Afghani software engineer Sara Daqiq fell in love with computers as a child, and has made it her personal mission to share this enthusiasm with young women at home and overseas
When Sara Daqiq was a young girl growing up in Kabul, a friend of her father’s left a very old computer at her house. Fuelled by a child’s curiosity, she hooked it up to the electricity and…something exploded. So she took it to a local radio technician who fixed a small battery on the motherboard and sent her home. Over the next few weeks, she made a point of blowing the battery again and again, and revisiting the technician until she was confident she could do it herself. Thus started her love of computers.
“When I went to college I wanted to be a doctor, like everyone in Afghanistan. But I took a computer science class in my second year, and it reminded me of messing around with that old PC at home. Things would break, and I would fix them. And I never looked back, I just began as a software engineer.”
Attitude to women in STEM: the US vs Afghanistan
This path only really became available to Daqiq when she came to study in the US, at Georgetown University. “There weren’t any opportunities in Afghanistan for computer science. It’s not a subject that is taught in schools, for example. You can study it at college, but the entry requirements are very specific - and it’s all about theory, they don’t have labs.”
Here she spotted an opportunity, and set up AccessLocal. Along with other Afghani students who were studying in the States, she spent summers sharing the knowledge she had acquired to help local businesses in Kabul. Nevertheless, there still remains a very low level of understanding - even among her own family - as to what she does as a software engineer. “My mum and dad think I make cartoons! My cousins, my uncle, they’re all very confused by it.”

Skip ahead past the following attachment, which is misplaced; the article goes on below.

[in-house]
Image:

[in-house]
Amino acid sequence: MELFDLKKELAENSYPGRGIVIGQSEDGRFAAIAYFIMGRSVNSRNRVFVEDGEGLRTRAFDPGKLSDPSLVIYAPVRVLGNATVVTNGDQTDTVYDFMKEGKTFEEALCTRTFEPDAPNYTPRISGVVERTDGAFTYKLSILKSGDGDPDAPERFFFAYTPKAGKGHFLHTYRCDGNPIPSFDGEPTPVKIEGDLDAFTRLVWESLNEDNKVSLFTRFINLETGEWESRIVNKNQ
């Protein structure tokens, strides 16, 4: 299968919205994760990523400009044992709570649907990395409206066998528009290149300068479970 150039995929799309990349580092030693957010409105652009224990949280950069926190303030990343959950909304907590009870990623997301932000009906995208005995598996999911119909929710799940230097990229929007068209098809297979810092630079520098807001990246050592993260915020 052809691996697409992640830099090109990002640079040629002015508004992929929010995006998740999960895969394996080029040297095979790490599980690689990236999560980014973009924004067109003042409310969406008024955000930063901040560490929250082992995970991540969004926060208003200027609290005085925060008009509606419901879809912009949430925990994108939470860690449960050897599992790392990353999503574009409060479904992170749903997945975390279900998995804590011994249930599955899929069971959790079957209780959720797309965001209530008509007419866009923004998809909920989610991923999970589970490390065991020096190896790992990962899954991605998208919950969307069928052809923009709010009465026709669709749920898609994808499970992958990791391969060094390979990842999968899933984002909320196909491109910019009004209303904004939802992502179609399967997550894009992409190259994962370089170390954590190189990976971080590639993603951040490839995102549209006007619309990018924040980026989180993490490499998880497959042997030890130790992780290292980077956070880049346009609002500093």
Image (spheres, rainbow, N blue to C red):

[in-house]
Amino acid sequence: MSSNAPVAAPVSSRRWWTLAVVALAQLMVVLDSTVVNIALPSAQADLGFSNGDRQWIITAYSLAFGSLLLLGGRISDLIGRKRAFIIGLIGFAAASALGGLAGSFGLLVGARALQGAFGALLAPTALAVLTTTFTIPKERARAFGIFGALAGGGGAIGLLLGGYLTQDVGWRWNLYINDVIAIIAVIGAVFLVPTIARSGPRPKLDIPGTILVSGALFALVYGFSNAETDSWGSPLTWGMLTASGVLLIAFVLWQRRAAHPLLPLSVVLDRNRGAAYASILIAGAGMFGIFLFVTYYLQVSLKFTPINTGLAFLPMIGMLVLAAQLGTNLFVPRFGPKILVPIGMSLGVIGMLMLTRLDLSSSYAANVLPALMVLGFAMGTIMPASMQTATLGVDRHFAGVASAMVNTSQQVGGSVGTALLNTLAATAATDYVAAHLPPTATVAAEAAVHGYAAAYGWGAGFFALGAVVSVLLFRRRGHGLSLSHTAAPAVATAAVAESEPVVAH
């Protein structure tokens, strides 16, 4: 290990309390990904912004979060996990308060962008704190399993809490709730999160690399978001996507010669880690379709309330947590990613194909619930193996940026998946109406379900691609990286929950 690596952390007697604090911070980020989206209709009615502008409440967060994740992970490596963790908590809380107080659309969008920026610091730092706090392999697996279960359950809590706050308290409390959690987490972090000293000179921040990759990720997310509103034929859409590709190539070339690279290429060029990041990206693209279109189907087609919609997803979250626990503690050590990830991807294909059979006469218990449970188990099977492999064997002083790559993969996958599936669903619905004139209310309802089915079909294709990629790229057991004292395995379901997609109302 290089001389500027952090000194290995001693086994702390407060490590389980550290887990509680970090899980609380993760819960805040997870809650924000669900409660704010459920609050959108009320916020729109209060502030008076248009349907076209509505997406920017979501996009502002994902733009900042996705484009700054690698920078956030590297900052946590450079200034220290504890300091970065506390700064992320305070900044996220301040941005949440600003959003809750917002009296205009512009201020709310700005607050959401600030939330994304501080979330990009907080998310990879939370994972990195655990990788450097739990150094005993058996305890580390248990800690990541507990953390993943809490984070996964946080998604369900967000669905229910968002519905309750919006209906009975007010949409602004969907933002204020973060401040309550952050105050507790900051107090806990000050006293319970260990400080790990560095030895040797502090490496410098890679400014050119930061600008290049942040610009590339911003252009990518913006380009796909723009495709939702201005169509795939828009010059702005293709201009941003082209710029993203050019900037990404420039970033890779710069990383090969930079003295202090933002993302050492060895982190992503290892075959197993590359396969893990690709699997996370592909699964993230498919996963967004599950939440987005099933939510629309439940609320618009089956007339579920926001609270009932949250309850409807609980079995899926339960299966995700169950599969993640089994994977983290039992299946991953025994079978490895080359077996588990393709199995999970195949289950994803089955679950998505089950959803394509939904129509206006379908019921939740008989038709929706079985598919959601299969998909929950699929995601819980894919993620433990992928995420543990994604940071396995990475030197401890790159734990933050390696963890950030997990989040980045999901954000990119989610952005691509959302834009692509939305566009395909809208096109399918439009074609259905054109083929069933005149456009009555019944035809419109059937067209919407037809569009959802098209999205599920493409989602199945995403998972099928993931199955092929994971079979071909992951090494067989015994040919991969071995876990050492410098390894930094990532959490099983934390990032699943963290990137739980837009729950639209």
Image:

Coming to the US, however, brought its own challenges. In spite of the level of discrimination women in Afghanistan experience every day, Daqiq believes the stigma that girls will not be gifted in Maths or the Sciences is a Western phenomenon. “If you could get an education, like I could, no one would ever say ‘you’re a woman, so you must be bad at math. That mentality I only really found when I came to the US.” As the only woman in her computer science class, these attitudes prevailed and followed her into the workforce, where male coworkers would explain things deliberately slowly to her.
Why role models matter in computer science
“You feel like you don’t belong in the industry.” This could be combatted, she says, by having more resources for teaching kids about computer science, and by holding up more female role models. “That’s why I think the Girls Who Code initiative is amazing. I’m biased, but I’ve never seen a girl who wasn’t intrigued by computer science or who didn’t pursue technical activities after going.” And, she says, the role models are out there, it is simply a question of holding them up, and equipping young coders with the skills to network and learn from these professionals.
“Having good teachers, having exposure to real-world scenarios, and having teams that help each other out, I think those are essential for young girls.” This support is something Daqiq can see modelled in her current position at identity management service provider, Okta. The company has a range of diversity programmes in place (From Women@Okta to Pride@Okta) but the real differentiator is the culture of support, she says. “I like to go to conferences and give talks, and they are willing to send me to as many as I want. When I have to give one on a topic that I am less experienced in, there are people and resources who come together to help me create content that matters. That’s the culture, that’s the company.”
This support is helping shape Daqiq into a role model herself, with the fruits of her labours clear back at home. “There are eight of us, I have seven siblings. Three are in computer science and one other is in biomedical engineering. I absolutely feel like if I hadn’t had the opportunity to be a computer scientist, they wouldn’t have pursued it themselves. I tried to convert them all - to evangelise!” If Daqiq’s own passion is anything to go by, her siblings are set to be the first of many she inspires to work in STEM.